We embarked on a journey to IKEA for new furniture. This wasn’t our first trip to the blue and yellow warehouse, so we knew what we were up against: pushing around multiple carts of cardboard-wrapped bundles followed by traumatic self-assembly of said bundles into furniture via cryptic instructions.
First time, shame on you. Second time, shame on me. Something about putting together a dresser from three flat packages of stained pine brings out your true self. Beyond your ineptitude at solving puzzles, it reveals how patient and understanding you really are.
What happened? We had our goods delivered on a Tuesday. By the time D got home from work, I was already working on the frame of the dresser, so he proceeded with the task of constructing all the drawers. Things were going slowly, but we were making progress. One hour later, we were almost there – all that was left was to nail the back panel to the dresser and insert the drawers. As I was nailing the panel, I noticed that it was more difficult than I expected and asked my husband to finish. Many things were odd – he was having a hard time as well, not to mention the nails were going poking out the other end of the wood. I know, I know, all signs point to “STOP!” but maybe our lack of dinner was getting the best of us.
Finally, all nails in place, we proceeded to insert the drawers only to find that they would not fit.
“Did we put the tracks on correctly?” I asked.
“Yep, they are on right.” He replied.
We pondered. We sighed.
“I know what’s wrong,” I said. I felt the frustration swell, the anger build. Tears started to fall. “I put the panel on the FRONT of the dresser, not the BACK.”
A moment of silence.
He started, “How about you go ahead and get dinner going and I’ll start pulling out nails.”
“No, I made this mess and I’ll fix it.”
He sighed and we started to undo the error. He remained calm and showed no signs of anger (although I’m sure he was), while I threw a little temper tantrum. I even hurt my thumb trying to remove those nails. Finally, I gave up and started dinner. Twenty minutes later, he finished and we sat down to eat.
During our meal, my caring husband said, “There’s a lesson in this somewhere. Let’s hope we figure it out.” (That's one wise man.)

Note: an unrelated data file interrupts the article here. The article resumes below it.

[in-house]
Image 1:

The next day, I finished nailing the panel on the correct side (it was much easier this time), put in the drawers and looked in horror. There were all these little nail holes on the entire perimeter of the dresser front.
|The inadvertently distressed dresser. D says it adds character.|
In my mind, I wanted it to be perfect, but in reality, it wasn’t. I shared the story with my sister and she immediately suggested ways to patch the holes and paint them to blend with the rest of the wood. (Thanks, sis, for not laughing.) It was then that I realized what I was supposed to learn.
My lesson: nothing is "perfect". We all live with imperfections. Little holes poked into our armor. Cracks formed under pressure. Scratches left from frustration. Wrinkles from a life lived. It’s okay, perhaps even better, when things aren’t perfect. That’s when character is formed, cured, and sharpened. So, instead of working hard to patch up the holes, I’m going let those imperfections be reminders of my lesson learned (at least for now anyway) and build some character instead. These imperfections will help me remember that indeed I’m perfectly, wonderfully made in the eyes of God.
The silver lining out of all of this: I know my husband truly loves me and knows how to deal with me ever so gently. He’s definitely more patient and understanding than I am! Also, from now on we will hire someone to assemble any of our dressers or nightstands, for sanity’s sake.